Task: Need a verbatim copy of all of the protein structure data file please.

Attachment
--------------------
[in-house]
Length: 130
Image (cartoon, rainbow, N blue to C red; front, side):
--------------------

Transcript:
[in-house]
Length: 130
Image (cartoon, rainbow, N blue to C red; front, side):